Door County company HeyGov earns first place in the Information Technology category of the 19th annual Wisconsin Governor’s Business Plan Contest
Like so many businesses, this one started as a solution to a problem – municipal problems. Or, rather, cash-flow problems that resulted from municipal problems.
Dustin Overbeck’s company Town Web, a builder of municipal websites that he founded in Door County 15 years ago, suffered for a while during the height of the pandemic when towns, villages and cities weren’t meeting in person or reliably achieving quorums. That meant no one could sign checks, which was how the majority of the company’s government clients still paid their bills.
“So there was no mail from municipal clients, and no cash came in, and wow – they have a hard time operating online,” Overbeck said.
The idea germinated; he came up with a solution; and he launched his new company, Hey Gov, in 2021.
The e-government management-software firm provides a suite of tools to allow online transactions. No longer would someone who wants to rent the town hall, for example, need to print out the web form, fill out the paperwork, then drop it off in person or mail it with a check.
HeyGov has apps for online payments, venue reservations, utility payments and even 311 reporting for residents who want to alert the town about a pothole or grafitti. They have form building that uses conditional logic, online signatures, payment integration.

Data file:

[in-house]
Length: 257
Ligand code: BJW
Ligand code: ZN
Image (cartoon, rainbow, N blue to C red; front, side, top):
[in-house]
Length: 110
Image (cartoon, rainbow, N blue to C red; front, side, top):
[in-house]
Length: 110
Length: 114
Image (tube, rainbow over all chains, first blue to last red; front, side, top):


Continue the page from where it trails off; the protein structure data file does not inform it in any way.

“But the big thing is the workflow,” Overbeck said.
If someone fills out a liquor-license application, for example, the workflow takes over, passing the tasks along from the municipality to the law-enforcement agency that conducts the background check, back to the municipality, and then on to the governing body. After approval, HeyGov sends the applicant an automatic email.
Overbeck believes the company will digitally transform government transactions the way Airbnb has digitally transformed the housing-rental market. He may have a biased perspective as the CEO and founder of the company, but he’s not the only one who sees its promise. Last month, HeyGov earned a first-place award in the Information Technology category of the 19th annual Wisconsin Governor’s Business Plan Contest.
“It’s noteworthy because the Wisconsin Governor’s Business Plan Contest is very competitive,” Overbeck said. “It’s a long, five-month process with four different stages. Competing business plans are vetted by judges who are Wisconsin-based businesspeople and mentors.”
Representatives of the contest’s 13 finalists, HeyGov among them, were required to deliver seven-minute pitches live during the June 1 Wisconsin Entrepreneurs’ Conference, and the winners were announced the following day.
Overbeck practiced his presentation by walking up and down, got a haircut that looked as though he hadn’t gotten a haircut and wore funky socks to remind him that he wanted to have fun.
“Most businesses that win are located in Milwaukee and Madison,” he said. “It’s noteworthy for a business in Door County to win first place.”
Sevastopol Graduate Travels the World, Then Returns Home
Overbeck and his story are homegrown in Door County. Now 48, he grew up in Southern Door but graduated from Sevastopol High School. It was during a time when technology and the internet were just beginning to change the everyday world, and he was all in with an Apple II computer even before his school had them.